Ron Hansen, the rookie award selection with the Orioles at shortstop, relaxes with Breeding:


Think about how good the O's farm system was.  They had three guys make the all rookie team in 1960 and yet all were gone when the "Baby Birds" won the 1966 World Series with yet another crop of youngsters!

Closing things out, MC Joe Garagiola gets a laugh out of Tony Curry and his Phillies teammate Jimmie Coker, the rookie award catcher for 1960.


Unfortunately, there are no shots of the other rookie award winners for the year: the aforementioned Jim Gentile (1B, Orioles), Ron Santo (3B, Cubs--HOF 2012), Frank Howard (OF, Dodgers, or Tommy Davis (OF, Dodgers). All-in-all, the 1960 winners were pretty representative of the rookie teams over the years.


Saturday, February 2, 2019

Fall Invitational

Last fall I managed to BIN a nice lot of Topps Rookie Banquet related ephemera on eBay. I've finally gotten around to scanning the items and this week will show some of the non-photographic items (as I'm still working on player ID's).

I'll start with my favorite item:


I believe Sy Berger typed this letter himself-there's no secretarial initials, a load of personal detail, a host of typos and when I googled the recipient it revealed he worked in the Auto Industry (not audio). Even if he didn't, it's a pretty neat item. It seems this little trove was Mr. Dolembo's-Sy must have invited friends as he was the guy spearheading the whole thing.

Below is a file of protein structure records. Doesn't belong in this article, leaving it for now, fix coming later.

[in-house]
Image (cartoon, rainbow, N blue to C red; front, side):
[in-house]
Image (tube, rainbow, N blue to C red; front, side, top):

There were three Rookie Banquet invitations.  I believe these all came in the envelope for 1960's bash:



The reverse is supposed to be blank but someone noted the address of the Rookie Team Committee:


I don't think that's where Major League Baseball was headquartered, it's probably the office of one of the committee members, which counted 17 members, including Jackie Robinson!

Here's an RSVP card and envelope, note the address, which looks to have been constant since this is from 1964:





The invitations did not really change all that much, did they?  I'll spare you the 1965 version as it's almost identical.

Finally, here's a business card for Sy. I believe it's from 1960 as the Blony logo was featured on the program that year.  Not sure who wrote "Wood Gelman" but I don't think it was Sy (or Woody).


The lot I won was part of a larger archive previously auctioned by REA in 2011.  Next week, I'll share the half dozen snapshots that came in it.